Build your own Homelab with a Raspberry Pi Zero 2 W and Cloudflare Zero Trust

Build your own Homelab with a Raspberry Pi Zero 2 W and Cloudflare Zero Trust

ยท

5 min read

Build your own Homelab with a Raspberry Pi Zero 2 W and Cloudflare Zero Trust

Ever wanted to build your own homelab? Well, now you can with a Raspberry Pi Zero 2 W and Cloudflare Zero Trust, and it's easier than you think.

The big picture is something like this

ARQ

In case you want to check the repository where i'm experimenting with this, you can check it out here.

What is a Homelab? ๐Ÿ 

A homelab is a collection of hardware and software that you can use to learn and experiment with new technologies. It's a great way to learn about networking, virtualization, and other technologies that you might not have access to at work or school.

What do we need? ๐Ÿงฐ

  • Raspberry Pi Zero 2 W (or any other Raspberry Pi)
  • MicroSD Card (at least 16GB)
  • USB-C Power Supply
  • Cloudflare Account
  • Internet + WiFi

Assuming you already have the Raspberry Pi and the MicroSD Card, let's get started.

Installing Raspberry Pi OS ๐Ÿ“

First, we need to install Raspberry Pi OS on the MicroSD Card. You can download the latest version of Raspberry Pi OS from the Raspberry Pi website.

Depending on your operating system there is different options to choose from.

options

Once you have the software installed, you can insert the MicroSD Card into your computer and open the Raspberry Pi Imager.

Now for OS we are going to use Raspberry Pi OS (Legacy) Lite because it's the smallest and most lightweight version of Raspberry Pi OS, in case you are using a Raspberry Pi Zero 2 W like me.

Also something obvious, but choose the storage device that is your MicroSD Card.

Now in the configuration part, we are going to enable SSH and WiFi, so we can connect to the Raspberry Pi Zero 2 W without a monitor or keyboard, also create a new user and password.

host

user

wifi

If installation was successful, you should see a new drive called boot in your file explorer.

And the software will throw a message like this:

message

If by any chance you get an error you will likely need another MicroSD Card.

Starting the Raspberry Pi Zero 2 W ๐Ÿš€

Now that we have the MicroSD Card ready, we can insert it into the Raspberry Pi Zero 2 W and connect it to the power supply.

connection

If you see a light on the Raspberry Pi Zero 2 W, it means it's working, first boot can take a while, so be patient.

Now is time to SSH into the Raspberry Pi Zero 2 W, if you are using Windows you can use Putty, if you are using Linux or MacOS you can use the terminal.

ssh <username>@pi.local

And we are in!

done

Create the Cloudflare Tunnel ๐Ÿš‡

Login to your Cloudflare account and go to the Zero Trust section.

Under the Access section, click on Tunnels.

Now lets click on Create Tunnel, give it a name and click on Save tunnel.

tunnel

Now lets download our cloudflared package, go into cloudflared and download the one called cloudflared-linux-armhf.deb (inside your Raspberry Pi Zero 2 W), we do this with wget.

wget https://github.com/cloudflare/cloudflared/releases/download/2023.10.0/cloudflared-linux-armhf.deb

Now we can install it with dpkg.

sudo dpkg -i cloudflared-linux-armhf.deb

Now we can install our tunnel with cloudflared.

sudo cloudflared service install <token>

If we check out now the previous page, we should see our tunnel online.

health

Going back inside the tunnel from the zero trust dashboard now we can enter under Configure then Public Hostname and add a hostname, this will be the hostname that we will use to access our Raspberry Pi Zero 2 W.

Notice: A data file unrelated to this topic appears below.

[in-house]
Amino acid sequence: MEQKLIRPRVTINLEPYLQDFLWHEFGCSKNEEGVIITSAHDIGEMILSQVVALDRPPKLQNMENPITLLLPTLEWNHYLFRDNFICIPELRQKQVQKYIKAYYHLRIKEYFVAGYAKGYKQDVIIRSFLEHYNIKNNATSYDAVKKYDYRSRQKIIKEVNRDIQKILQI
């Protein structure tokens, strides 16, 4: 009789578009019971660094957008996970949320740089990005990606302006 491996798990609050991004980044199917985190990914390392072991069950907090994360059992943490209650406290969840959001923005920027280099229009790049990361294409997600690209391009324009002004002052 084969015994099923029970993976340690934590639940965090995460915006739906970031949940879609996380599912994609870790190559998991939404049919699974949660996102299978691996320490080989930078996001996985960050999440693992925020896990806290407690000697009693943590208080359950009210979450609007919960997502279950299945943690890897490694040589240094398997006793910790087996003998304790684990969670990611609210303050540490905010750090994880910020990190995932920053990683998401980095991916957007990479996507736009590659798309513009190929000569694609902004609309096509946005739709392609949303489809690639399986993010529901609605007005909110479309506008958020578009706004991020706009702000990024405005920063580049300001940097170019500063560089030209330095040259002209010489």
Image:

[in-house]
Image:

Here are some examples:

exam

  • Subdomain: example
  • Domain: jonathan.com.ar
  • Path: We are not going to use a path
  • Type: HTTP
  • URL: localhost:<port>

create

At this point from cloudflare everything is ready, now we need to throw some applications inside our Raspberry Pi Zero 2 W.

Running applications inside the Raspberry Pi Zero 2 W ๐Ÿ“ฆ

Here is up to you what you want to run and how, the important part is that you need to expose the port of the application to the internet, so you can access it from the hostname that we created before.

In my case its something like this

โ”œโ”€โ”€ game-server
โ”‚   โ””โ”€โ”€ docker-compose.yml
โ”œโ”€โ”€ irc
โ”‚   โ””โ”€โ”€ docker-compose.yml
โ”œโ”€โ”€ pi-hole
โ”‚   โ””โ”€โ”€ docker-compose.yml
โ”œโ”€โ”€ portfolio
โ”‚   โ”œโ”€โ”€ data
โ”‚   โ”‚   โ”œโ”€โ”€ experiences.txt
โ”‚   โ”‚   โ”œโ”€โ”€ homelab.txt
โ”‚   โ”‚   โ”œโ”€โ”€ libraries.txt
โ”‚   โ”‚   โ”œโ”€โ”€ projects.txt
โ”‚   โ”‚   โ”œโ”€โ”€ roms
โ”‚   โ”‚   โ”‚   โ””โ”€โ”€ pokemon_red.gba
โ”‚   โ”‚   โ”œโ”€โ”€ socials.txt
โ”‚   โ”‚   โ””โ”€โ”€ templates.txt
โ”‚   โ”œโ”€โ”€ docker-compose.yml
โ”‚   โ””โ”€โ”€ Dockerfile
โ”œโ”€โ”€ status
โ”‚   โ””โ”€โ”€ docker-compose.yml
โ””โ”€โ”€ web-arcade
    โ”œโ”€โ”€ docker-compose.yml
    โ”œโ”€โ”€ Dockerfile
    โ””โ”€โ”€ page
        โ”œโ”€โ”€ assets
        โ”‚   โ”œโ”€โ”€ Fire_Emblem_The_Sacred_Stones.JPG
        โ”‚   โ”œโ”€โ”€ pokemon-fire-red-version-v1-1.jpg
        โ”‚   โ””โ”€โ”€ Shining_soul_boxart.jpg
        โ”œโ”€โ”€ index.html
        โ”œโ”€โ”€ roms
        โ”‚   โ”œโ”€โ”€ fire_emblem.gba
        โ”‚   โ”œโ”€โ”€ pokemon_red.gba
        โ”‚   โ””โ”€โ”€ shining_soul.gba
        โ”œโ”€โ”€ scripts
        โ”‚   โ””โ”€โ”€ index.js
        โ””โ”€โ”€ styles
            โ””โ”€โ”€ styles.css

And if I do a docker ps I can see all the containers running.

docker

Once we have our applications exposed we could access them from the internet.

example

Conclusion ๐Ÿ

And that's it, we have our own homelab running on a Raspberry Pi Zero 2 W and Cloudflare Zero Trust.

If you have any questions or suggestions, you can contact me on Socials

ย